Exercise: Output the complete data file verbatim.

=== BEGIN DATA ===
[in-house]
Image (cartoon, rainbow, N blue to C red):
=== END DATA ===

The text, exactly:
[in-house]
Image (cartoon, rainbow, N blue to C red):